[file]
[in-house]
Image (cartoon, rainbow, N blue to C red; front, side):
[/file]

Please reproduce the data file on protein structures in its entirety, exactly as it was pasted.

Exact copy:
[in-house]
Image (cartoon, rainbow, N blue to C red; front, side):